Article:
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Coronavirus

China's new virus looms over Lunar New Year travel

Confirmation of coronavirus worries Honda, Nissan and Wuhan suppliers

Passengers wait to board a train during the Chinese Lunar New Year travel rush at a railway station in Jiujiang, Jiangxi province. Nearly 3 billion passenger trips were made during last year's holidays.   © Reuters

SHANGHAI/DALIAN -- Health experts in China on Thursday confirmed a new type of virus as the cause of a pneumonia outbreak in the city of Wuhan ahead of a rush of holiday travel in the region.

Described as a coronavirus, it belongs to the same family as the virus behind severe acute respiratory syndrome. Chinese researchers said it differs from the six known human coronaviruses, including the SARS virus that killed hundreds in Asia and elsewhere in 2003.

Further research will be conducted to better understand the new coronavirus, said Xu Jianguo, the Chinese expert who led the team evaluating the pathogen test results, according to the official Xinhua News Agency.

The news comes as people prepare to travel across China by rail, air, road and sea to their hometowns for the upcoming Lunar New Year. Nearly 3 billion passenger trips were made during last year's 40-day travel rush, Xinhua reported.

Additional precautions, such as the use of disinfectants, will be taken at train stations and other heavily trafficked locations, a Transport Ministry official said.

Also known as the Spring Festival in China, the Lunar New Year falls on Jan. 25 this year and is celebrated widely in Asia. Airports prepared themselves for an increase in travelers.

Flyers arriving at hubs including Singapore's Changi, Bangkok's Suvarnabhumi and the Tokyo area's Narita are already being told to report such symptoms as coughing and fever to quarantine officers.

Health authorities had earlier ruled out SARS, Middle East respiratory syndrome and bird flu as the root cause of the outbreak, which originated in the city of Wuhan, in central Hubei Province.

State broadcaster CCTV said that researchers had obtained the genetic sequence of the virus from one patient who tested positive. Fourteen others have also tested positive for the same type of virus in preliminary examinations. Tests were taken from patients' blood samples and throat swabs.

Eight patients were discharged on Wednesday. They were among the 59 patients hospitalized for pneumonia in Wuhan since late last month. The virus had been traced to a seafood wholesale market in the city. The market, where most of the patients worked, has since been shut down.

"Based on the information disclosed by Chinese authorities, the new virus appears to be less severe than SARS, which has a death rate of almost 10%," David Hui Shu-cheong, a professor at the Chinese University of Hong Kong, said at a news conference on Thursday at Hong Kong's Department of Health. "For the new disease, only less than 10% of the patients are in critical condition, compared with 25% for SARS."

While the scale of the outbreak's economic impact remains unclear, business around the market has suffered.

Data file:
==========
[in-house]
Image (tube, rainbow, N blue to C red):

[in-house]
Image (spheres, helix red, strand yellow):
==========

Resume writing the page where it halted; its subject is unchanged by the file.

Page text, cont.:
"We had stocked a large amount of crab for the Spring Festival," a seafood distributor said. "It's a huge loss."

Leo Poon, a professor at the University of Hong Kong, told the Nikkei Asian Review that the new coronavirus probably came from animals. "I think the source of the virus is probably similar to SARS in 2003," he said, adding that street markets could have sold animals containing the virus, which was then spread to people.

Poon and other experts say the development of specific drugs and vaccines to treat a new virus could take years.

"It is hard to say how long it will take to develop a treatment for this coronavirus," he said. "We don't even have a treatment for SARS or MERS. Right now we only know a little about this new coronavirus."

Honda's joint venture operates three factories in Wuhan. (Photo by Yu Nakamura) 

The outbreak in Wuhan has worried its many automobile-related Japanese companies, centering on Nissan Motor and Honda Motor.

While businesses have yet to ban travel to the central Chinese city, they have begun exploring measures to protect employees there.

Chinese joint venture Dongfeng Honda Automobile is headquartered in Wuhan and operates three factories. It employs roughly 13,000, including dozens of Japanese expatriates.

"We are encouraging hand-washing, masks and other preventative measures," a Honda representative said.

Nissan also runs a joint venture in Wuhan with Dongfeng Motor Group. At this time, the Japanese carmaker says it has not set restrictions on employee travel or other activities.

Among Japanese suppliers, Kasai Kogyo, which manufactures vehicle roof components in the city, has taken some precautions. "We require that employees wear masks and disinfect their hands," a representative at the local subsidiary said.

An estimated 500 or so Japanese nationals live in Wuhan, mostly working for the 150 companies belonging to the Japanese Chamber of Commerce and Industry in Wuhan.

The Japanese community has been avoiding restaurants serving food of uncertain origin. People are also shunning karaoke parlors on the chance that the virus spreads through microphones.

Wuhan has grown rapidly as a motor city. It says 1.7 million vehicles were produced there in 2018 -- up roughly 80% over five years. The service sector is developing, too, with the presence of Japanese retailer Aeon.

Additional reporting by Michelle Chan and Skylar Li in Hong Kong.

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